Tourist Trophy Film Review

Tourist Trophy Film Review

The latest moving picture about the TT Races, Tourist Trophy, officially became available to watch this evening on TT +, airing from 7:30 PM.

Like I’m sure thousands of TT aficionados, fans I was eagerly awaiting the documentary directed, edited by Adam Kaleta.

Just over one hour and thirty minutes long, it documents the challenges, what it takes to achieve tumultuous feats at this year’s TT.

I think one of the best quotes from the film, was made by outright TT lap record holder, four times race winner at TT 2022, Peter Hickman who stated “Life’s too short to not live.”

Those who race the TT know the risks, they understand it’s about facing down danger, overcoming it, taking calculated risks but also gaining an other-worldly sense of excitement, enjoyment, fulfilment, accomplishment.

I was delighted to see decent focus on Michael Russell’s unique feat of starting all solo, Sidecar races.

One can’t underestimate the gravity of this achievement, switching from Superbike to Sidecar to Supersport to Superstock to Lightweight back to the Sidecar then back to the big bike.

You could tell how much it took out of ‘Jack’, the physical strain, mental strain, giving it everything in pursuit of a dream.

Large sections of the film are Honda dominated to say the least, as John McGuinness MBE and Glenn Irwin showcase differing perspectives on Mountain Course action.

For McGuinness MBE, starting his 100th TT, you could tell that the love affair with the Manx roads remains firm.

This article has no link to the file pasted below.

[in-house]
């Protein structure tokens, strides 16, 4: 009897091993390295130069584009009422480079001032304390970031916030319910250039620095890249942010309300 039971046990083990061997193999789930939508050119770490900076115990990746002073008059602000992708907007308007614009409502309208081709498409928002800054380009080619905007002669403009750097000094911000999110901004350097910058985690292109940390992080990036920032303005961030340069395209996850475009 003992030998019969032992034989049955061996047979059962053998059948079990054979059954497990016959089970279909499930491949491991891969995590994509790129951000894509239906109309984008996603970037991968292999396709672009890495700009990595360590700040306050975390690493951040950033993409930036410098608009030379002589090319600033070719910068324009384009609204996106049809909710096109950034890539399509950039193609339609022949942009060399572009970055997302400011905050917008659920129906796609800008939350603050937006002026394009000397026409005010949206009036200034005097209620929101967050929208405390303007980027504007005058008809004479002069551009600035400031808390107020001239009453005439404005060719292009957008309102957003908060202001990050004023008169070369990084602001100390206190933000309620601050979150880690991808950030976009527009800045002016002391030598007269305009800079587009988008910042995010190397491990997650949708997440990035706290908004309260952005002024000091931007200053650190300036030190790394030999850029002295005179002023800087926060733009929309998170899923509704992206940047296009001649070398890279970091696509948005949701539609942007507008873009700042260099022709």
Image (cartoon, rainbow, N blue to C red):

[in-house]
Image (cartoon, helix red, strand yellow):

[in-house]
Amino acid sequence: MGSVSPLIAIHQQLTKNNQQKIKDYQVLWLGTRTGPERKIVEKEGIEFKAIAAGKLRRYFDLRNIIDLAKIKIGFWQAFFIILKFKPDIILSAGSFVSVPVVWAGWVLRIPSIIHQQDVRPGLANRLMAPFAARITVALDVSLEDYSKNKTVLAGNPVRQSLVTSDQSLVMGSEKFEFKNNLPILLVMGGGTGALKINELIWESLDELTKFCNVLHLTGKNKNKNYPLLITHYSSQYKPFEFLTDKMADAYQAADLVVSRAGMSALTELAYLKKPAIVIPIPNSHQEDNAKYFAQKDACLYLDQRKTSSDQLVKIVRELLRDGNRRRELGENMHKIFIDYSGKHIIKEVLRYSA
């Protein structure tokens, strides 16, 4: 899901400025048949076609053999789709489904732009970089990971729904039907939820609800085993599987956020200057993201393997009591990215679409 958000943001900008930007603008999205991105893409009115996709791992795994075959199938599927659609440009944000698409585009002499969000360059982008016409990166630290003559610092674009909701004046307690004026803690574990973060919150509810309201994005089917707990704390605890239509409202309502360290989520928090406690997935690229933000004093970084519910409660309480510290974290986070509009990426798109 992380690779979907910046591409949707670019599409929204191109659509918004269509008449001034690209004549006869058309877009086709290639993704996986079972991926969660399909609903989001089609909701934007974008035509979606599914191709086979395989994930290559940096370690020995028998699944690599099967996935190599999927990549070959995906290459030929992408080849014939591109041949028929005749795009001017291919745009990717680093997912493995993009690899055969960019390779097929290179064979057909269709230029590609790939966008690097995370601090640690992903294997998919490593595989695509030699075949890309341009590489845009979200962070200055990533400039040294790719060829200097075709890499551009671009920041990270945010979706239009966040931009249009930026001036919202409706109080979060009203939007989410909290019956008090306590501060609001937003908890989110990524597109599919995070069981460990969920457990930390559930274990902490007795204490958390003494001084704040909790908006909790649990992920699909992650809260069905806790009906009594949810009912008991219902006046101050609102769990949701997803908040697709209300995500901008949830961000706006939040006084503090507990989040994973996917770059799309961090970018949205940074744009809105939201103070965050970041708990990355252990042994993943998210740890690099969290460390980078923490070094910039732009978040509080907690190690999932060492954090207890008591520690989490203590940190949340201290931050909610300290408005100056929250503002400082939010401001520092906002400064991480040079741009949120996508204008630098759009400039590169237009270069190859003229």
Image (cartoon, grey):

You could also tell though that it’s not getting any easier for the Morecambe hero, now 50 years young, to still be competitive against hungry, ambitious opposition.

Honda Racing team-mate Irwin, gave candid insights into his TT newcomer preparation, inner thoughts on racing what has been described as the ‘Power and The Glory’.

Sidecar heroes Ben Birchall/Tom Birchall, Conor Cummins, DJ superstar, brilliant all round racing sponsor Carl Cox, Steve Plater, David Johnson additionally feature across the film’s duration.

Now onto some critique, first-off the Lightweight, second Supersport, Superstock races are not given adequate coverage.

The background music at times, doesn’t fit the TT theme, that said the film ending music is spot on.

There’s product promotion plugs from racers, can’t blame them promoting their products but in my opinion, it did not need to be included in.

If you’re a casual racing fan, general motorsport fan, all round petrolhead you will love Tourist Trophy.

It gives you a visceral taster of what the TT Races is about, it’s lure, its’ uniqueness, why racers want to compete on Manx shores.

If you are a pure road racing aficionado, you will still enjoy viewing the documentary but you might be left with a sense of wanting more, this specific topic could have been covered stronger.

Summing up Tourist Trophy, it’s another positive promotion product for the TT.

Whilst in my opinion not as gripping as the likes of Closer to The Edge, TT A Film Documentary, it’s still an enjoyable watch, after all anything revolving around the TT, can’t help but excite, thrill, pulsate.

Photo credit: Mark Corlett

Words by Stevie Rial #dontletfearcontrolyou

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